Lebanon, a Country of many Faces
The last Blog was left on a bit of a cliff hanger, to go to Lebanon or not? 'An amazing once in a lifetime opportunity or a stupid idea?'
We ignored the latter, instead going on "an amazing once in a lifetime opportunity!". So we travelled to Lebanon to go splitboarding, to get to know and explore the culture and of course to experience something new to us!
Ready for every scenario, we even brought our ice axes, crampons & below zero sleeping bags. Because... Well you just never know! I was travelling with two
members of the Atomic Freeski Team; Ager Stefan & Johannes Rohrmoser, as well as Andi Vigl
our Photographer who captured all of our trip in amazing photographs, some of which I have added into this blog.. thanks Andi!
After we landed in Beirut some of the first things we noticed were: Heavily armed military, crazy traffic and houses with bullet holes, which looked like Swiss cheese there were that many bullet holes!
Heading towards Beirut Harbour the old buildings slowly began to disappear and were replaced with new architectural buildings and very well looked after traditional buildings, we saw churches next to mosques but the heavy military presence was still all around.
The temperatures in Beirut were really warm we only needed to wear our shirts whilst exploring here! So it was really hard to imagine that there was a ski resort near by.
The drive to the resort 'Mzaar' took us along the coast and then up hill, were the temperatures slowly began to dip and get colder, now able to see snow for the first time in an Arabic country. En route we stopped at a local food shop, got some coffee from a nice guy 'Josef' who was the local barista, such a proud barista that everyone had to watch his whole coffee making process, we also got to know a little bit (a very little bit) of the Arabic language such as;
شكرا (Shukraan) - Thank you
طازج (Tazij) - Fresh
As we approached the resort we saw a ridge with three great looking lines, and later discovered this ridge stood right in front of our door, we aptly named these lines "Homerun".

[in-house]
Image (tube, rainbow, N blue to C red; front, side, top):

The next day we set about exploring the ski resort but not before we met Charbel (No.1), who introduced us to a traditional Lebanese breakfast, a wrap filled with cheese, a mixture of spices and/or meat, which was a very welcome and very tasty breakfast to start off our day!
The resort was way bigger then we initially thought, and is divided into three sections. The lifts are old but still good and working well, and the lift tickets are a little different to what you see in Austria/Europe, Its literally a sticker that you stick onto a metal clip which is then clipped to your trousers.
We went up to 'Mzaar Peak' which is the highest point of the resort, from here you have an amazing view in almost every direction and it was so peaceful. And being so close to the Syrian and Israeli Boarders (which was still a strange feeling for us), you would never have known that there is a war 30 km away. We felt sheltered and safe in Mzaar (lucky for us, but so sad thinking about the people caught up in all the trouble not too far away.) The people in Lebanon and more specifically in Faraya (the town we stayed in) are super friendly, helpful and humble people.
From 'Mzaar Peak' we saw this really long east face, approx. 1000 metre vertical drop (top right picture). The problem with going down this was we would've ended up in a completely different valley, but our friends had a solution to this! A car would pick us up and drive us back to 'Faraya', however what we didn't know was that the drive was 45 minutes, and this wasn't the only face we had seen. But we decided to do it anyway! We also saw loads of smaller faces that were reachable from the resort with shorter hikes.
Over the next two days we did a lot of hiking, went down the "Homerun" faces, tackled the big 1000m face we had spotted toward the east and explored the culture of Lebanon.
The terrain provides a lot of opportunity for freerider's and backcountry addicts, in the resort there are short lines and loads of wind lips to hit and outside of the resort there are a lot of big and long faces to ride!
Lebanon has a high percentage of Muslims and Christians, the area where we stayed was majority people of Christian faith. And back home you're used to seeing crosses on the peaks so we figured it wasn't unusual to see them here as well. The only difference is that in Lebanon the crosses are on every single higher point through out the mountain range. Initreaugued to know why we did ask, but I guess its the same as back home in Austria.. some things are just the way they are and nobody really knows why.
At the end of our last day in Faraya we hiked up our "Homerun" to do one last sundowner tour.
After a long hike up the back of the face, where we had to carry our boards because of the lack of snow, we were greeted with an amazing view and able to see all the way across into Beirut and even the sea! This paired with an amazing sunset was simply incredible and an amazing tour to end our stay in 'Mzaar'.
The last night of our stay in Lebanon was spent with our hosts in Beirut where we enjoyed the night life, people and food.
Lebanon is an amazing country and well worth the journey, a journey which I will always remember!
Where else in the world can you go snowboarding, surfing and enjoy real fresh humus in the same day? The people and the hospitality we received from them was always so friendly and welcoming. They could never do enough for us and always wanted to help and advise us. Thanks to Charbel (no. 1), Charbel, Fady, Fady and all the the Charbel's & Fady's I didn't mention in this blog so far!
Thanks for having us and I hope we get the chance to come back soon. Shukraan!